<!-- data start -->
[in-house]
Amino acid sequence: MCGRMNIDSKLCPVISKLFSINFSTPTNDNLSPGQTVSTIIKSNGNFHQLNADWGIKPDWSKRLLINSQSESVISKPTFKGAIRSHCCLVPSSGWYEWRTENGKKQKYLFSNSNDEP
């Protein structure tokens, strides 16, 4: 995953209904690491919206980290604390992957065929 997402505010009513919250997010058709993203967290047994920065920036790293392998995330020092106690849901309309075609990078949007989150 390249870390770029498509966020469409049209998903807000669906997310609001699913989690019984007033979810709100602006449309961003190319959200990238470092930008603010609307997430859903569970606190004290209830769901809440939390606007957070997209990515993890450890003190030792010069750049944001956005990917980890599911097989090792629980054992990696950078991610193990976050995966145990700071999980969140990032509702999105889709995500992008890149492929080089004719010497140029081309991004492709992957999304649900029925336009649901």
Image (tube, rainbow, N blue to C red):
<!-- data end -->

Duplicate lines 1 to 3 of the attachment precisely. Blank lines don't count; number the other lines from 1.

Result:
[in-house]
Amino acid sequence: MCGRMNIDSKLCPVISKLFSINFSTPTNDNLSPGQTVSTIIKSNGNFHQLNADWGIKPDWSKRLLINSQSESVISKPTFKGAIRSHCCLVPSSGWYEWRTENGKKQKYLFSNSNDEP
């Protein structure tokens, strides 16, 4: 995953209904690491919206980290604390992957065929 997402505010009513919250997010058709993203967290047994920065920036790293392998995330020092106690849901309309075609990078949007989150 390249870390770029498509966020469409049209998903807000669906997310609001699913989690019984007033979810709100602006449309961003190319959200990238470092930008603010609307997430859903569970606190004290209830769901809440939390606007957070997209990515993890450890003190030792010069750049944001956005990917980890599911097989090792629980054992990696950078991610193990976050995966145990700071999980969140990032509702999105889709995500992008890149492929080089004719010497140029081309991004492709992957999304649900029925336009649901």